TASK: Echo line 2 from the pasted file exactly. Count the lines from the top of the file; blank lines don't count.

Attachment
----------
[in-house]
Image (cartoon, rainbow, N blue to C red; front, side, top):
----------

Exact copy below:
Image (cartoon, rainbow, N blue to C red; front, side, top):